Here's a look at futures prices on commodities that impact Southern Illinois and the rest of the Midwest.
Natural Gas Flares Higher
As cold weather is descending across much of the United States, the natural gas market has started to heat up, nearing a two-year high. The fuel, which is the most popular source for home heating, is suddenly in high demand as forecasts call for winter-like weather from Texas to New England.
While snowfall is expected to be light, cold temperatures should have homeowners cranking up the heat, which boosted natural gas prices by more than 15 percent this week, trading Friday for $3.76 per million British thermal units.
Natural gas inventories are relatively low right now, thanks to low prices during the last few years, which have discouraged gas producers from drilling new wells. If this winter turns out to be surprisingly cold, the market could gain steam. Otherwise, the short-term cold spell and market rally could be just a brief gas bubble.
Silver Market Tarnished
Silver prices plunged to $14 per ounce on Friday, nearing a level that has enticed bargain hunters in the past, but they may be running out of patience and money as the market continues to return to that level.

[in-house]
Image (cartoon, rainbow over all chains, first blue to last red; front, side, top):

Precious metals have been in a malaise as U.S. interest rates rise, making investments in bonds, stocks, CDs, or even savings accounts more attractive than metal, which doesn’t pay interest or dividends. If fears of inflation return, silver could roar back to life, but for now the market is sitting near a three-year low.
Chinese Corn Plagues USDA Reports
Corn prices went wild on Thursday as a U.S. Department of Agriculture report shockingly showed that world corn supplies nearly doubled since last month.
The report was not in error, but instead was updating Chinese corn supplies dating back to 2007. China has notoriously been tight-lipped about its commodity inventories, leaving the rest of the world guessing at their stockpiles of corn, cotton, copper, steel, and dozens of other markets.
Without a solid understanding of where Chinese supplies of corn stand, their future demand is harder to guess at, leaving loads of uncertainty surrounding the world’s largest commodity buyer. This is what the Chinese want, since they can use their private information to their advantage in pushing and pulling global prices.
Despite the USDA’s stunning update, the corn market weathered the news relatively well, falling by only a few cents by midday Friday to trade near $3.70 per bushel.